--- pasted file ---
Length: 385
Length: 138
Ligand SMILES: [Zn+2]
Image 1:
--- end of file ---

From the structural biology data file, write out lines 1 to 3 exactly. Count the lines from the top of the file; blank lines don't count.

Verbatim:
Length: 385
Length: 138
Ligand SMILES: [Zn+2]